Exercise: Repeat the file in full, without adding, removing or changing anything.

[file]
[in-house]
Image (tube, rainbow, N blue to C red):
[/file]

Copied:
[in-house]
Image (tube, rainbow, N blue to C red):